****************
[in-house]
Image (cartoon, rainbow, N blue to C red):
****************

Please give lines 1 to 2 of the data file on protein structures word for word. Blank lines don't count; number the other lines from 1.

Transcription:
[in-house]
Image (cartoon, rainbow, N blue to C red):